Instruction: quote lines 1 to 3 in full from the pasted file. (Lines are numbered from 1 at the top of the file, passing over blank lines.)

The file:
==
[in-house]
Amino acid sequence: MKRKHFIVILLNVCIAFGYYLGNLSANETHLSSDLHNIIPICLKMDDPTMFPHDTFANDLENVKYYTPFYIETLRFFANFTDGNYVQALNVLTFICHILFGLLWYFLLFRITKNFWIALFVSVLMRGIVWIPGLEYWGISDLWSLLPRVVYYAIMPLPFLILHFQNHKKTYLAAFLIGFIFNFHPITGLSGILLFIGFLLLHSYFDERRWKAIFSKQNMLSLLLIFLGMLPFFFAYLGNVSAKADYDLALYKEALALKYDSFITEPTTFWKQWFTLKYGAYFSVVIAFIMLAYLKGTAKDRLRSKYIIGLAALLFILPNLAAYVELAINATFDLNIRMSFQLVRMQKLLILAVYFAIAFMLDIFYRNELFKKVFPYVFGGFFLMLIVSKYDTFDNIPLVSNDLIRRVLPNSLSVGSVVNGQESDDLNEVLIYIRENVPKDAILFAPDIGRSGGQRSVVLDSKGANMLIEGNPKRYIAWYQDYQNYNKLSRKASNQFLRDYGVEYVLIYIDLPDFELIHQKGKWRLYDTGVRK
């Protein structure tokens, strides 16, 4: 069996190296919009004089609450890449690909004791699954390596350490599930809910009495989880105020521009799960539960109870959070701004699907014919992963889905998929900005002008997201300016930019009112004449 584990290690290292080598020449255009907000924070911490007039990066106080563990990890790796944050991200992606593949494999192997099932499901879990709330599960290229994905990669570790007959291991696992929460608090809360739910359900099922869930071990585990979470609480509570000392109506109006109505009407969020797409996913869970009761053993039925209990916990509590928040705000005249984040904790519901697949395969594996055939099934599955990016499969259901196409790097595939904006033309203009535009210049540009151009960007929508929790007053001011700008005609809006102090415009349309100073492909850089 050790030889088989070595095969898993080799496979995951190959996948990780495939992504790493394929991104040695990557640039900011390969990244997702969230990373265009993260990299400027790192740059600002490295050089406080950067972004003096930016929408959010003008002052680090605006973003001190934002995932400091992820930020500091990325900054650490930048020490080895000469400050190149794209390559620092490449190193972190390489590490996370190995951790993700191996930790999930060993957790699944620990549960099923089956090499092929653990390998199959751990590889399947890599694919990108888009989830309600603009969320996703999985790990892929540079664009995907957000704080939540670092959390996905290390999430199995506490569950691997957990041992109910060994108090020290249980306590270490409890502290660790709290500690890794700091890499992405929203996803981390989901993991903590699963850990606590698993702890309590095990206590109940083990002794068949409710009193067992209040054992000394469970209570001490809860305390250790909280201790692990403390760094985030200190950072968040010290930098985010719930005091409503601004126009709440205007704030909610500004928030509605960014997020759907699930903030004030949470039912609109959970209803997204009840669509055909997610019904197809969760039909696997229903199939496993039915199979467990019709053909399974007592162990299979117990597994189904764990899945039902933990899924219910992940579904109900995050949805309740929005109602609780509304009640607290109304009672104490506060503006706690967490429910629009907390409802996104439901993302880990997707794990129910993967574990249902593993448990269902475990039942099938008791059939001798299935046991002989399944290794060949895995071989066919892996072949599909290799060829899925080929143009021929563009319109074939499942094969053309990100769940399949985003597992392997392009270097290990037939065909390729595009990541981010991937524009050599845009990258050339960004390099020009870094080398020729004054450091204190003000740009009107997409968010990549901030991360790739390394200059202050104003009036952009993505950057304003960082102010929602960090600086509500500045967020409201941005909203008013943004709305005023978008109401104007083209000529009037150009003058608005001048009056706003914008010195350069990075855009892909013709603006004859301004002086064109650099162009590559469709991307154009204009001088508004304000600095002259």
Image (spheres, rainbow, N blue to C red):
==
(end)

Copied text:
[in-house]
Amino acid sequence: MKRKHFIVILLNVCIAFGYYLGNLSANETHLSSDLHNIIPICLKMDDPTMFPHDTFANDLENVKYYTPFYIETLRFFANFTDGNYVQALNVLTFICHILFGLLWYFLLFRITKNFWIALFVSVLMRGIVWIPGLEYWGISDLWSLLPRVVYYAIMPLPFLILHFQNHKKTYLAAFLIGFIFNFHPITGLSGILLFIGFLLLHSYFDERRWKAIFSKQNMLSLLLIFLGMLPFFFAYLGNVSAKADYDLALYKEALALKYDSFITEPTTFWKQWFTLKYGAYFSVVIAFIMLAYLKGTAKDRLRSKYIIGLAALLFILPNLAAYVELAINATFDLNIRMSFQLVRMQKLLILAVYFAIAFMLDIFYRNELFKKVFPYVFGGFFLMLIVSKYDTFDNIPLVSNDLIRRVLPNSLSVGSVVNGQESDDLNEVLIYIRENVPKDAILFAPDIGRSGGQRSVVLDSKGANMLIEGNPKRYIAWYQDYQNYNKLSRKASNQFLRDYGVEYVLIYIDLPDFELIHQKGKWRLYDTGVRK
């Protein structure tokens, strides 16, 4: 069996190296919009004089609450890449690909004791699954390596350490599930809910009495989880105020521009799960539960109870959070701004699907014919992963889905998929900005002008997201300016930019009112004449 584990290690290292080598020449255009907000924070911490007039990066106080563990990890790796944050991200992606593949494999192997099932499901879990709330599960290229994905990669570790007959291991696992929460608090809360739910359900099922869930071990585990979470609480509570000392109506109006109505009407969020797409996913869970009761053993039925209990916990509590928040705000005249984040904790519901697949395969594996055939099934599955990016499969259901196409790097595939904006033309203009535009210049540009151009960007929508929790007053001011700008005609809006102090415009349309100073492909850089 050790030889088989070595095969898993080799496979995951190959996948990780495939992504790493394929991104040695990557640039900011390969990244997702969230990373265009993260990299400027790192740059600002490295050089406080950067972004003096930016929408959010003008002052680090605006973003001190934002995932400091992820930020500091990325900054650490930048020490080895000469400050190149794209390559620092490449190193972190390489590490996370190995951790993700191996930790999930060993957790699944620990549960099923089956090499092929653990390998199959751990590889399947890599694919990108888009989830309600603009969320996703999985790990892929540079664009995907957000704080939540670092959390996905290390999430199995506490569950691997957990041992109910060994108090020290249980306590270490409890502290660790709290500690890794700091890499992405929203996803981390989901993991903590699963850990606590698993702890309590095990206590109940083990002794068949409710009193067992209040054992000394469970209570001490809860305390250790909280201790692990403390760094985030200190950072968040010290930098985010719930005091409503601004126009709440205007704030909610500004928030509605960014997020759907699930903030004030949470039912609109959970209803997204009840669509055909997610019904197809969760039909696997229903199939496993039915199979467990019709053909399974007592162990299979117990597994189904764990899945039902933990899924219910992940579904109900995050949805309740929005109602609780509304009640607290109304009672104490506060503006706690967490429910629009907390409802996104439901993302880990997707794990129910993967574990249902593993448990269902475990039942099938008791059939001798299935046991002989399944290794060949895995071989066919892996072949599909290799060829899925080929143009021929563009319109074939499942094969053309990100769940399949985003597992392997392009270097290990037939065909390729595009990541981010991937524009050599845009990258050339960004390099020009870094080398020729004054450091204190003000740009009107997409968010990549901030991360790739390394200059202050104003009036952009993505950057304003960082102010929602960090600086509500500045967020409201941005909203008013943004709305005023978008109401104007083209000529009037150009003058608005001048009056706003914008010195350069990075855009892909013709603006004859301004002086064109650099162009590559469709991307154009204009001088508004304000600095002259």